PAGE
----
Demme, for his part, keeps us in the eye of this storm, eschewing the usual crowd shots that inform us of how great this concert is, and instead puts us in close proximity to Young and the production, leaving us to feel more like members of the crew than members of the audience. Trunk Show relies heavily on long takes, uninterrupted shots, sustained close-ups, and unusual angles that doesn’t so much break the proscenium arch as it disorients it. The viewer is not a part of the show, but exists within it – a kind of roaming, omniscient fan swirling around and between Young’s cacophony. It’s a bewildering, but highly gratifying experience. Demme maintains he had knowledge of Young’s set list, but no other shooting plans. There is a feeling of improvisation and spontaneity in Trunk Show, of getting in the right spot at the right time as if by providence, and this surely supports the larger aura of authenticity that surrounds Young. If Greil Marcus is correct that rock is necessarily exclusionary (and he surely is), then Demme embraces this ethic explicitly, stating, “I always tell people, absolutely and sincerely, if you’re not a Neil young fan, don’t waste your time,” and, “Second of all, if you don’t love electric guitar, don’t go.” While Trunk Show doesn’t require devotion to Young and his particular sound, it is clearly a rock film, made by a filmmaker who appreciates rock music, and is geared toward an audience prepared to hear it played loud.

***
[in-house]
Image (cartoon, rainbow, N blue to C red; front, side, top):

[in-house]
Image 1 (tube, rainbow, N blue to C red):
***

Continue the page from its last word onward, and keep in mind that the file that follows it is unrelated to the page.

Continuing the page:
Stamping a wacky “C” on Neil Young Trunk Show would, most importantly, get Demme’s stellar concert film out for home viewing. Further, Trunk Show would be a welcome contemporary addition to the Collection’s other rock-docs – Monterey Pop (D. A. Pennebaker, 1967), Gimme Shelter (David Maysles, Albert Maysles and Charlotte Zwerin, 1970), and Total Balalaika Show (Aki Kaurismaki, 1994). We already know the Collection loves Demme from releases of Something Wild (1986) and The Silence of the Lambs (1991), so why not fill another void in Demme home-viewing?
No need to over think a cover design for Neil Young Trunk Show. The marquee lettering used on the film’s posters would look fantastic against a solid black background. We can go either way on stacking the 4-word title on top of one another so the case can stand normally or leaving the title in two rows letting the case read lengthwise. Either way, you have a graphically striking cover that promotes the film’s star in big, candy-coloured letters. Easy.
Credits: Eddie Vedder is a great admirer of Uncle Neil, having previously collaborated with him and having personally inducted him into the Rock and Roll Hall of Fame, so who better to introduce the film? The interview feature with Demme and Young is imagined for the Criterion edition, and the additional performances and footage are assumed to be available. The esteemed Greil Marcus’s celebration of Young for his adventurousness and excess (“Neil Young doesn’t know where the limits are – he goes too far, blows it, overdoes it. He takes risks with his music, his lyrics, his voice, his guitar. Because he takes risks he gets a lot farther, sometimes, than those with more talent or better sense.”) makes him ideally suited to address this particular rock-doc.